Train class teachers to recognise autism

[vc_row][vc_column][vc_column_text]FIONA MACLEOD

TEACHERS must be given training to cope with the rising numbers of autistic children in mainstream schools, campaigners said yesterday.

Carol Evans, the national director of the National Autistic Society Scotland, said there were worrying levels of ignorance about the condition in schools.
“One man described how the teaching assistant at his son’s school did not even know what Asperger’s syndrome was,” she said. “This lack of knowledge contributes to the argument that autism should be a compulsory subject in teacher training.”

Despite an estimated one in 100 people being affected by autistic spectrum disorder (ASD), teachers in Scotland receive no standard training on the condition.

As part of an awareness- raising campaign, NAS Scotland has called for teachers to be given training to ensure that children with ASD receive the appropriate education.

Mrs Evans added: “I have every sympathy with teachers working with children with autism who have had insufficient or no training. It was a political decision to bring children with special needs into the mainstream. However, it has not been backed up by adequate resources and support.”
In just six years, Scottish schools have seen a 623 per cent rise in the number of autistic pupils. In 2005, state secondaries had 825 pupils with ASD compared with 114 in 1999.

In January, The Scotsman highlighted a damning report by Her Majesty’s Inspectorate of Education, which found that services for autistic youngsters were “frequently deficient”.

Dr Evelyn McGregor, a lecturer in child development at Edinburgh University, co- authored a study on teaching children with autism. She found that teachers with no experience of ASD children often held shocking misconceptions.

She said: “They had an exaggerated view of autistic children as acting out and screaming, where the experienced teachers saw that was very rare.”
She said children with ASD can be misunderstood as simply being badly behaved. “I think it would help if teachers had guidance,” she said. “Autism is not a simple thing to diagnose – mild autism is quite complicated and people need special training for that.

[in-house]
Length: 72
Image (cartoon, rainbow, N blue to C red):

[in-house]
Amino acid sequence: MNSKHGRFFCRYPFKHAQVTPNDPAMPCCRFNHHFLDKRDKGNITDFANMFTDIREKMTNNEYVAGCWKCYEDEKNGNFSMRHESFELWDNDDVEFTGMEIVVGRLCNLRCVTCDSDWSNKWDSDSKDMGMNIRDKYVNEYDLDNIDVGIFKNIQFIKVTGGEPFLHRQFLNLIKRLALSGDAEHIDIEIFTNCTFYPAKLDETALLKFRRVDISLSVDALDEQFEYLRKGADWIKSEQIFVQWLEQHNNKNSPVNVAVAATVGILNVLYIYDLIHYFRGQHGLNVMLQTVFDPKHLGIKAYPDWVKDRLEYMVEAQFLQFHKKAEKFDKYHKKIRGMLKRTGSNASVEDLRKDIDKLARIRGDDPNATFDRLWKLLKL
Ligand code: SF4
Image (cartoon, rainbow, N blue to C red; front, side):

“A teacher who had some knowledge might be able to stop and think, that this child has additional needs.”

Carla Rowden is the co- ordinator of the NAS Advocacy for Education service, which helps parents fight for the best education for their ASD child.
She said: “Some local authorities and teachers are doing their best, but they perhaps need some support.

“Parents come to us saying their parenting skills are being questioned because their children are seen as badly behaved. With the prevalence of autism, teachers can expect to teach a child with autism at some point in their career, so training would help,” Ms Rowden went on.

“And things which would help autistic children learn, would help all children – such as getting straight to the point and not using figurative language.”
Scotland’s largest teaching union, the EIS, backed the call for training.
A spokesman said: “It is certainly something we acknowledge as needing to be addressed.”

‘Blair’s not just in my care – he’s a friend’

BLAIR Houliston, 14, found himself isolated in school because his teachers didn’t understand his Asperger’s syndrome.

His mother, Avril Ferguson, 43, from Livingston, West Lothian, said: “A lot of them haven’t even heard of it. He’s told sit down and shut up but he can’t do that because of his condition.

“In his first year, one teacher just thought Blair was being bad and and that isolating him would make it better.”

However, Blair needed social interaction and through the National Autistic Society he met befriender Jackie Scott. Mrs Scott, 59, said: “We go to garden centres because Blair likes gardens and chocolate cake. Our interests have been matched well and I don’t think of Blair as just someone in my care – he’s my friend.”[/vc_column_text][/vc_column][/vc_row]

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